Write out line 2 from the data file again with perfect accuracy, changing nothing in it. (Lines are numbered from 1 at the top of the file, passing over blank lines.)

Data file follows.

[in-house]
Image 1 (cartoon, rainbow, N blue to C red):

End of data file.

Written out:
Image 1 (cartoon, rainbow, N blue to C red):